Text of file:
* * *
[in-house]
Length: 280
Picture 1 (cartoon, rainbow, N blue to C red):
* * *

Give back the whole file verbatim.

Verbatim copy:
[in-house]
Length: 280
Picture 1 (cartoon, rainbow, N blue to C red):